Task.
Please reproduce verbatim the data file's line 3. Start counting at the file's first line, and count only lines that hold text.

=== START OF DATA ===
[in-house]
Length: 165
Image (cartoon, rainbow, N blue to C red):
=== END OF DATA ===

Image (cartoon, rainbow, N blue to C red):